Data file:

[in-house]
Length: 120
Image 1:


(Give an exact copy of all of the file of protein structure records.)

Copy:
[in-house]
Length: 120
Image 1: